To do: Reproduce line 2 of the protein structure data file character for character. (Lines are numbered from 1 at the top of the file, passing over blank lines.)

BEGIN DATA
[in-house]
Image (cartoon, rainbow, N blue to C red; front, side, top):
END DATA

Image (cartoon, rainbow, N blue to C red; front, side, top):